Texting Zones
New York Gov. Andrew Cuomo announced the state’s new initiative to combat texting-while-driving in New Baltimore. (Photo Credit: Governor’s Office)

New York’s evolving texting-while-driving laws and other initiatives to combat texting from behind the wheel will save lives, but more can be done to make roads safer, according to a letter Nassau County District Attorney Kathleen Rice sent the governor.

Rice’s letter, dated Oct. 2, calls on the state to: make its texting-while-driving laws even more stringent, reform vehicular assault statutes and allow law enforcement to obtain cell phone information from drivers involved in fatal crashes.

And she thinks Nassau should be the one leading the charge.

“We have an opportunity in New York to become a model for how to address this growing national problem,” Rice writes in her letter to Gov. Andrew Cuomo. “I am more than willing to offer my jurisdiction for a new anti-texting-while-driving pilot and educational efforts that, if successful, can be replicated across the state and country.”

Cuomo has taken steps this year to stiffen texting-while-driving penalties. He recently signed legislation that increases penalties from three to five points and imposes a 60-day suspension of junior licenses upon conviction.

The governor last month also unveiled a “texting zones” plan that will create 91 designated texting pull-off areas along the New York State Thruway and other state highways. Two of those zones will be on the Long Island Expressway between Exits 51 and 52 at an already existing rest stop. The signs should be up this month, an official said.

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In her letter, Rice applauded Cuomo for his efforts, but identified one major loophole that allows drivers to text while stopped at a red light. She said it “undermines our efforts to instill an awareness in drivers that at no time is it safe to text while operating a motor vehicle.”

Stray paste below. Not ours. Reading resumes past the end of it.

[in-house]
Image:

On reforming current vehicular assault statutes, Rice said: “Without this important change, prosecutors and the courts must attempt to apply reckless and negligence-based charges to these instances,” adding that without it the legal system could fall short.

She also noted that authorities should enact uniform policies statewide for obtaining cell phone information from drivers involved in deadly accidents, adding that Cuomo “could play a valuable role in improving and standardizing how and when this information is collected and utilized by law enforcement.”

Rice has become increasingly more active in statewide affairs with her appointment as the president of the District Attorneys Association of the State of New York and co-chair of the Commission to Investigate Public Corruption.


Read full letter: 

Nassau DA Kathleen Rice Texting Letter to Cuomo



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Rashed Mian has been covering local news for the Long Island Press since 2011. He graduated from Hofstra University in 2010 where he studied print journalism. Rashed, the staff's multimedia reporter, covers daily news for the web, shoots/edits feature videos and writes about civil liberties. He loves Afghan food and sports. Rashed is also a caffeine freak. Email: rmian@longislandpress.com. Twitter: rashedmian